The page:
School Closings: A Retrospective, A Look at the New Governance Law and Some Suggestions: A Fresh Look at a School Turnaround Strategy.

 

The Department has announced the first round of school closings, excuse me, the first round of “proposed” school closings, and, not unexpectedly, the teacher union shot back with a sharply worded press release.
 
“There is a governance law in place and it is clear that the DOE is thumbing their nose at the law. They have the right to announce that they are going to consider closing a school, but by walking into schools and telling them that they are closing, they are making the new governance law irrelevant,”
 
 School closings are not a Joel Klein invention.
 
In the late eighties the old Board of Education closed Andrew Jackson, a “troubled” high school in Queens and replaced it with Campus Magnet, initially touted as a success, but as time passed the replacement schools faltered.
 
The Chancellor’s District continued to close large high schools (Eastern District, George Washington Taft and Theodore Roosevelt) and created small highs in a close collaboration with the union.
 
The Board and the union negotiated a new contract clause dealing with the staffing of the new small replacement schools and excess teachers who were not hired by the replacement schools were given “priority” excess status, a choice of schools in which to be excessed.
 
The Gates dollars accelerated large high school closings and a score of large schools, mostly in Bronx, Manhattan and Brooklyn were closed and converted to campuses of small theme-based small schools.
 
The Bloomberg/Klein Children First initiative initially simply continued the school closings.
 
In 2005 the newly negotiated contract ended seniority transfers. Principals were given the sole discretion to hire; excess teachers were no longer assigned to schools, they were assigned to the ATR pool. Actually the teachers are assigned to schools, however they are not charged to the school budget. They are paid by Central and school assignments are temporary. Currently about 1200 teachers, a little less than 2% of the total staff, are serving in this capacity.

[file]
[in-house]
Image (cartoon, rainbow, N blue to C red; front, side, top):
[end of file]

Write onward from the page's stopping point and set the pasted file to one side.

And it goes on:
The impact of school closings on the remaining large high schools has been documented  in “Marketplace Studyconducted by the Center for NYC Affairs.
 
The Center’s new report analyzing Chancellor Joel Klein’s high school reforms concludes that the administration created valuable new opportunities for at-risk students, but there was collateral damage. Klein’s reforms expanded high school choice, but weakened large schools.
 
The new governance law changes the school closing procedures. The Department can no longer simply announce the closing of schools, for the first time the Department has to follow a process laid out in the law.
Announcements of proposed closings, an “educational impact statement,” period for public comment, a public hearing in the district and final approval by the PEP.
 
The recent public hearings to consider the placement of charter schools into existing schools have been raucous and the charters schools have backed away from hostile environments.
 
It will be interesting to see whether communities band together to oppose any of the proposed closing and whether they come up with alternatives. In a couple of schools, i.e., Hillcrest and New Dorp, the schools redesigned themselves, under experienced principals with considerable assistance from their support organization (New Visions for Public Schools). There are a number of “turnaround” strategies around the country that have been successful (see John Hopkins Talent Development Model here).
 
Meryl Tisch, the honcho of the NYS Regents favors a Charter Management Organization (CMO) creating small charter schools in the closed high schools, however, that would require the State legislature to increase the cap, a heavy lift. Almost all charter schools are non-union, Tom Carroll, the Albany charter school leader consistently pounds unions as a NY Daily News op ed-er, and parents around the state see charter schools eroding local school funding. A just-released report casts doubt on the ability of CMOs to effectively manage schools.
 
The Department should show some creativity in dealing with failing schools,
 
* Utilize the District 79 Reorganization Model to review staff and use the John Hopkins Talent Development or another highly regarded “turnaround” strategy.
 
* Embed a transfer high school on each “failing” campus
 
* Consider a “6-14” model, create a Community College on a high school campus with skills related to shortage area jobs in the city and convert the high school to a CTE (see City here and State here) school with multiple CTE strands.
 
* Ask the UFT, other unions, as well as the local political community to be partners in the resuscitation of troubled schools.
 
As small high schools mature the initial Hawthorne effect wanes, without unregulated credit recovery graduation rates would be mediocre, Community College dropout rates are staggering, PSAT scores are appalling, I fear we have been creating small schools that are slowly but inexorably looking like failing large high schools.
 
Some new strategies that emphasize the “career” part of Career and College Readiness are long overdue.

 

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